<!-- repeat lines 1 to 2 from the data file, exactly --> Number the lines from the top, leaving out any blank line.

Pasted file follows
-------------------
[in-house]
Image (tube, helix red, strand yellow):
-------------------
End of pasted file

[in-house]
Image (tube, helix red, strand yellow):